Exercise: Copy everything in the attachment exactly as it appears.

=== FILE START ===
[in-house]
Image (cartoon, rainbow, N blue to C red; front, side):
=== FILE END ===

[in-house]
Image (cartoon, rainbow, N blue to C red; front, side):